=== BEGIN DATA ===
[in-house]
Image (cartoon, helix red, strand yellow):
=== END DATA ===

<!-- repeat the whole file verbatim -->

[in-house]
Image (cartoon, helix red, strand yellow):